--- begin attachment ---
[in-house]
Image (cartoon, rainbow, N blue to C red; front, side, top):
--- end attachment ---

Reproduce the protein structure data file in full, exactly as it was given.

[in-house]
Image (cartoon, rainbow, N blue to C red; front, side, top):